Creative Social went to have a chat with Daljit Singh, founder of Digit, Executive Creative Director at Conran Singh and sketcher of beards…
CS: How did you get to where you are today?
Daljit: I studied Graphic Design at Nottingham Trent University. After graduating in 1991, I went to work for IBM as an Interaction Designer. Two years into the IBM job I decided that actually the next thing to do would be to set up my own business, and that was when Digit was born. From its inception, Digit grew to about twenty people in the first five years. We were in Soho to start with, and then after Soho we moved into East London and were one of the first companies in Hoxton Square. In 2005 we sold and became part of WPP, so in total I ran Digit for about fifteen years. I left in March 2010 and thats when I started Conran Singh.
CS: Why was Conran Singh created?
Daljit: The Conran Group is run by Terence Conran, they’ve been around for almost two decades and the businesses include the Conran Shops and the Conran restaurants, of which there are about thirty around the world. There is also a publishing arm to the business, called Conran Octopus, and then there are the actual design studios which are based just behind the design museum. Within those businesses there are Conran and Partners, which is an architecture and interior design business with about sixty people in the practice doing jobs all around the world. There’s Conran Studio which is product design and branding. There is also Conran and Company, which is involved with product developing and licensing. The one thing which they have never had was a digital division. I started speaking to them and they asked if I would be interested, and here I am a year on. It seemed like the right thing to do and quite an opportunity, so I guess that’s the straightforward reason for it being born.
CS: What work have you been involved with that you are most proud of?
Daljit: Throughout my career there have been lots of things. I suppose some of the highlights have been in the Digit years. The stuff that I have always been very passionate about is R&D. I think Digit was one of the very first companies to really invest in doing research and development. We developed lots of our own projects, non-commercially, which ranged from looking deeply at interactive design and seeing what you can do with interaction on screen, and then physical interaction, which lead to some really interesting commercial projects. We did the redesign of the Habitat site many years ago which at the time was very groundbreaking. In more recent times, some of the physically interactive work that we did for Motorola has been really interesting. There’s also a project for the National Gallery which we did in collaboration with The Partners, it won a Black Pencil at the D&AD awards, I am very proud of that.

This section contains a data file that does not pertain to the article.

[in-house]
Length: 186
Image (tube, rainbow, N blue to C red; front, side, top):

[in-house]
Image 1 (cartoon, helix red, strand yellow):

I think now, being with Conran, I am really looking forward to applying a kind of design sensibility back into what interactivity really means. There are a number of very interesting things we are doing at the moment, none of which I can talk about. Its fascinating because it is maneuvering away from straightforward marketing and advertising, into the realm of actual design and solving problems, and that is very exciting in terms of what the future holds. More importantly, I think our clients are very interested in that kind of attitude, they need it for their business.
CS: You have been quite heavily involved in education throughout your career. If you could change anything in the UK education system what would it be?
Daljit: I think we need less people. Design education is suffering at the moment, in some cases there are over one hundred people in a year group. There are simply too many students, which is a problem because there just aren’t enough jobs. I would have less students in classes because that way you are able to concentrate on solving a particular problem in a particular way. Less students would mean they have more chance of actually getting something at the end of it. In terms of interaction design, it’s so new that I think being able to teach or study it requires people from industry to be involved. Close collaboration is really important. So, I think there’s an issue of size and scale, and I think with newer design disciplines it’s equally important to be able to teach people the kind of fundamentals of what design is, above and beyond new techniques and using software. Understanding an idea, understanding how that idea functions, so when you leave as a graduate and you go out there with your portfolio of work it has got something that is different in it, as opposed to the same as everybody else.
CS: What majour changes, in your opinion, can we expect to see in the Digital Communications industry in the next ten years?
Daljit: That’s a big question. I think the multi-platform world will become less multi-platform. We will be doing much more than we already are on the move, as opposed to being tethered somewhere. I think there will be a significant change in our notion of entertainment and the way that we view it. Look at television and you can see this is already happening. Up until now it has always been in the corner of your living room, this is fundamentally changing. I think our engagement with information will become simpler because we will get rid of all of the noise that is in the market place at the moment. I also think that strong, creative ideas will have to become more prevalent and more important to cut-through, because I think that brand and business can only survive where they have a very strong notion of what they’re trying to say and what they are trying to talk about, and actually the technology will need to become better designed. Apart from looking in a crystal ball I don’t think I can do anymore than that!